Superstar psychologist Martin Seligman is most recently author of Flourish. Among other things, he reports on the ubiquitous U.S. Army training program he developed and helped implement—"Master Resilience Training." As I progressed through this captivating book, I came across the following hypothetical exchange, meant, obviously, for part of the training:
Private Johnson tells Private Gonzales: "Hey my wife called and told me she got a great job on post."
Active constructive response: "That's great. What's the new job? When does she start? What did she say about how she got it and why she deserved it?"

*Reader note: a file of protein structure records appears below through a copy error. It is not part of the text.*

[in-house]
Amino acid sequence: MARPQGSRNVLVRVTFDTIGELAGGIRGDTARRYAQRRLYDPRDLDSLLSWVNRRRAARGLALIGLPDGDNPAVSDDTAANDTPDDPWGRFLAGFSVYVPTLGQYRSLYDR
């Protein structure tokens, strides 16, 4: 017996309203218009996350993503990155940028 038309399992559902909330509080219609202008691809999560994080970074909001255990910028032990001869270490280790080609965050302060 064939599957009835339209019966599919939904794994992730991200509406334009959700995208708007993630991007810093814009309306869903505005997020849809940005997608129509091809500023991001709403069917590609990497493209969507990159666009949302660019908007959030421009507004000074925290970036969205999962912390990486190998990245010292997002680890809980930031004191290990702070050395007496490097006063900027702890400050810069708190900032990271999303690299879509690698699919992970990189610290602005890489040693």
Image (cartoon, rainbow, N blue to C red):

Passive constructive: "That's nice."
Passive destructive: "I got a funny email from my son. Listen to this ..."
Active destructive: "So who's going to be looking after your son? I wouldn't trust a babysitter. There are so many horror stories you hear about babysitters abusing kids."
I shall offer no commentary—but if this little vignette does not trigger a blockbuster bout of introspection, solo or with spouse or colleagues, and especially for males, I don't know what the hell would.
(I, for one, will not look at the world quite the same way I did before happening upon this.)
Before blogging became all the rage, Tom was posting book reviews and Observations (essentially early blog posts) to this site. You can find the archives below.
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